A sharp report in the distance announced first blood and that the deer were on the move.
Chris carefully stalked the rides and glades into the wind with the hound at heel. Occasional shots sounded promising; I just hoped that they were not all directed at foxes. I had considered putting a ban on shooting them during the exercise but decided against it as to pass up on shooting Reynard is a tall order on an estate with game shooting concerns.
The 12ft stands of sitka spruce and Douglas fir stood before me. All was quiet apart from an intermittent rifle report and the odd kronk, kronk of the raven as it shied away from me in surprise. Soon afterwards, a mature doe stepped nervously into the open and looked behind her, hinting that she had either been disturbed or had followers still in the trees. I waited, not wanting to orphan any roe kids, and sure enough a young roe followed her into the open. Drawing a bead up the young roe’s front leg I settled the reticle on the heart and lung area and released a 100-grain Norma soft-point. The positive thud of a bullet striking home saw the follower burst into a death sprint. I reworked the bolt and swung on to the old doe that fled across the glade. She stopped before entering the trees and looked back, which proved her undoing. I halted my breath and added another roe to the tally.
Not long afterwards, Chris came onto the ride and waved his hat at me. It had been him who moved the two roe towards me. I acknowledged his wave and he disappeared around the bend with his faithful labrador Fern at heel.
I didn’t have another chance at a shot that morning, but when we stopped after our first session we had an impressive bag of 11 roe. That evening we resumed the offensive in an adjacent block and took six more by the same method. The total for the weekend was 29 roe; it was 85 per cent of my required cull figure taken in just one well-planned weekend.
I must stress that an operation of this kind only works once each season, as the deer seem to become wise to it immediately, but it can be effective and is often the only option if you are well behind on numbers. The objective is to quietly move, not drive, the deer.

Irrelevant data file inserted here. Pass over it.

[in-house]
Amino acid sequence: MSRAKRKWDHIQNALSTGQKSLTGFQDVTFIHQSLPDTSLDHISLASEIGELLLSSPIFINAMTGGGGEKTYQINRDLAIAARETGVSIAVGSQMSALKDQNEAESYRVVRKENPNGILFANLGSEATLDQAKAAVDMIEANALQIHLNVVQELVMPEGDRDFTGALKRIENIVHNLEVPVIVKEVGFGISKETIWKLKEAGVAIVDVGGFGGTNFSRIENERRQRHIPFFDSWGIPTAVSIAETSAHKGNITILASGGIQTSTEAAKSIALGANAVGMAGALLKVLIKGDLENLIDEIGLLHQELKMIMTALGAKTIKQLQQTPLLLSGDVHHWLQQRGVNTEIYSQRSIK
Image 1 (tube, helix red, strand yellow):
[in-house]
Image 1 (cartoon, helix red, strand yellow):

On the continent, specific breeds of hound have been developed to move roe to static rifles placed in high seats, and this method is used extensively for both bucks and does.
The difference is this: a short-legged scent hound sticks to the roe’s route and slowly presses it to move forwards until it passes a high seat. A mobile stalker moves around the roe’s territory, and his presence or scent compels the wary roe to use their escape routes and deer paths. Even one operation of this kind per season is enough to show the remaining deer the error of following these routes. The hound, on the other hand, is relentless and gives the deer no let up, forcing them to consider what is coming from behind instead of the danger that may be ahead.
You may ask why we shouldn’t cast off the labrador to achieve the same thing. A labrador, or any dog with much length of leg, would move the deer too fast, forcing them to bolt in a straight line and disappear into the distance. These European purpose-bred breeds, originating from bassets, have very short legs, making them slow plodders and good speakers. Breeds such as the Drever hound and the Basset bleu de Gascogne push the roe just enough for them to make a figure of eight around their territory, and are ideal for this purpose.
Needless to say, safety considerations are paramount in an operation such as this. Static rifles must be briefed about no-shoot areas, the route taken by the stalking rifle and any possible emergence points near their position. Both the stalking rifle and his accompanying dog should wear some blaze orange to make them readily visible. With correct planning this is a very efficient way to catch up on cull numbers and has pulled me out of the mire on a number of occasions in the past.